Medicare Advantage “Cuts?” Don’t Believe it.
The Affordable Care Act (ACA) is beginning to rein in Medicare Advantage (MA) overpayments by bringing MA payment more in line with what traditional Medicare spends on a given beneficiary. The insurance industry is not only fighting this payment reform, but has launched a campaign against a 2.3% reduction in payment projected for 2014. This additional “cut” is actually a projected reduction in MA payment growth rate as a result of a statutorily-required formula that bases MA payments on overall Medicare costs. In short, because Medicare’s costs overall have grown more slowly than expected in recent years, projected payment increases to MA plans will also slow. Contrary to arguments by the insurance industry – which pushes for more private market involvement in the Medicare program – insurers that choose to offer Medicare plans should not be insulated from market forces that are slowing the rate of growth of health care costs.
MA sponsors should not expect to retain the excess payments from previous years. In addition, the Medicare program should ensure its current payments are accurate. For example, in January 2013, the Government Accountability Office (GAO) issued a report estimating that CMS overpaid private insurers between $3.2 billion and $5.1 billion from 2010-2012 because of inaccurate risk score adjustments. In addition, Medicare should ensure that MA plans do not “cherry-pick” or skim off the healthier enrollees as targets for enrollment. Likewise, MA plans should be held accountable for providing appropriate care for all Medicare enrollees.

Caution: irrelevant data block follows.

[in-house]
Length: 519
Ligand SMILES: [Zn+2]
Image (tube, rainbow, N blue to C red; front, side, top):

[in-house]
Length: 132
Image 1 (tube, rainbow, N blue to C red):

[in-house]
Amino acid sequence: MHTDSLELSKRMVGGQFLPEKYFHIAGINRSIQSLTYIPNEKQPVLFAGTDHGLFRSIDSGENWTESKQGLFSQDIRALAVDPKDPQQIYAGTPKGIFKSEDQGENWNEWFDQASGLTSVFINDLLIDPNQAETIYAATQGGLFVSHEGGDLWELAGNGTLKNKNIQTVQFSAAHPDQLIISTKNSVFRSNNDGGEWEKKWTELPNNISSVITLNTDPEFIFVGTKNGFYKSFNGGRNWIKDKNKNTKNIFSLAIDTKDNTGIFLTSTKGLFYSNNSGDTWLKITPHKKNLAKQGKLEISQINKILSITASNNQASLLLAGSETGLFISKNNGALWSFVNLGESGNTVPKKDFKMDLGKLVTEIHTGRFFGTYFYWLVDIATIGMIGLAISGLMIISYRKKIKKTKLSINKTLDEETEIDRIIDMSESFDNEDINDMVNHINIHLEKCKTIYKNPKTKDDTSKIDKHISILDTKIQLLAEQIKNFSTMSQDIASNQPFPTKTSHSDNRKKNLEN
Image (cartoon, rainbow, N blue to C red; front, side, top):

As advocates have feared, MA plans may not be appropriate for sicker enrollees who are generally more costly to treat. A recently released CMS report confirms advocates’ fears by concluding that disenrollment by individuals from MA plans back to traditional Medicare “continues to occur disproportionately among high-cost beneficiaries, raising concerns about care experiences among sicker enrollees and increased costs to Medicare.” In sum, instead of focusing on how much MA payment is being “cut”, we should focus on making sure MA plans provide what we’re already paying for.
 See, e.g., Center on Budget and Policy Priorities, Off-Charts Blog: “No, the Administration Isn’t Proposing New Cuts in Medicare Advantage Payments” (3/1/13) by Edwin Park, available at: http://www.offthechartsblog.org/no-the-administration-isnt-proposing-new-cuts-in-medicare-advantage-payments/
 General Accountability Office (GAO), “Medicare Advantage – Substantial Excess Payments Underscore Need for CMS to Improve Accuracy of Risk Score Adjustments” (January 2013, GAO-13-206), available at: http://www.gao.gov/products/GAO-13-206.
 Gerald F. Riley, “Impact of Continued Biased Disenrollment from the Medicare Advantage Program to Fee-for-Services”, CMS, Medicare & Medicaid Research Review (MMRR) Vol. 2 No. 4 (2012), available at: http://www.cms.gov/mmrr/Articles/A2012/mmrr-2012-002-04-a08.html.